Low lead levels in children can affect cardiovascular responses to stress

Apr 17, 2009

Even low levels of lead found in the blood during early childhood can adversely affect how the child's cardiovascular system responds to stress and could possibly lead to hypertension later in life, according to a study from the State University of New York (SUNY) at Oswego.

Lead exposure was associated with an increase in vascular resistance when the children worked on a stressful computer task. Vascular resistance is a measure of tension within the blood vessels. Increased vascular resistance may lead to hypertension if it continues over time.

The study also found that lead exposure was associated with a decrease in circulating aldosterone levels. Aldosterone is a hormone that helps regulate blood pressure.

The study, Lead exposure and cardiovascular dysregulation in children, was conducted by James A. MacKenzie, Brooks B. Gump, Kristen Roosa, Kestas Bendinskas and Amy Dumas of the State University of New York, Oswego; Robert Morgan of Oswego Family Physicians; and Patrick Parsons of the New York State Department of Health. The researchers will present their findings, which during the 122nd annual meeting of The American Physiological Society (www.the-aps.org/press). The meeting is part of the Experimental Biology 2009 conference, to take place April 18-22 in New Orleans.

Ongoing research

In an earlier study with a different group of children, the researchers found that higher lead levels measured at 2 years of age were associated with an increased vascular response to stress later in life (average of 9.5 years of age). The present study aimed to determine whether this association was true when both lead and vascular responses were measured simultaneously, and if it did, how this happens.

The researchers gave 140 children, 9-11 years old, a psychologically stressful computer task. They measured the children's cardiovascular function, including total peripheral resistance, while they were at rest and while they performed the stressful task. Total peripheral resistance is a measure of arterial pressure relative to cardiac output.

The researchers compared the current blood lead levels of the children to their cardiovascular functioning during the experiment. As with the earlier study, they found that lead levels did correlate to the children's total peripheral resistance response to the stressful task. The finding is important because increases in total peripheral resistance may predispose people to hypertension later in life.

Low lead levels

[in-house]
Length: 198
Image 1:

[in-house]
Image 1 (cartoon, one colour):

One of the study's most important findings is that all of the participants had very low lead levels, well below the 10 micrograms per deciliter that the CDC defines as a level of concern. The highest lead level for the children in this study was 3.8 micrograms per deciliter.

Children may be exposed to lead-based paint or lead-contaminated dust in their homes or pick it up from the soil outside. The Centers for Disease Control and Prevention (CDC) has pushed to minimize or eliminate all childhood exposure to lead.

"The interesting thing was that the levels of lead were all pretty low in the children who participated," Dr. MacKenzie said. "We're seeing the negative effects at these low levels." While these are preliminary findings, the issue deserves more study, he said.

Search for the 'how'

In trying to find an explanation for how lead affects total peripheral resistance, the researchers found increased sympathetic nervous system activity during rest and, paradoxically, a depressed sympathetic response during the stressful computer task. Activation of the sympathetic nervous system produces the "fight or flight" response, raising the heart rate and constricting the blood vessels, among other things. Sympathetic nervous system activity is an appropriate response to stress, but can be harmful if activated for a long time.

"We believe lead causes an increase in sympathetic nervous activity during rest which reduces the body's ability to generate a response when stress comes along," Dr. MacKenzie said. In essence, the cardiovascular system is revving all the time, making it harder for the body to increase in system activity when needed.

The study also found that serum aldosterone levels go down with higher lead levels, making it harder for the body to activate the sympathetic when needed. Dr. MacKenzie cautioned that the data on aldosterone and sympathetic activity is still preliminary and may be a focus of future research.

Source: American Physiological Society (news : web)

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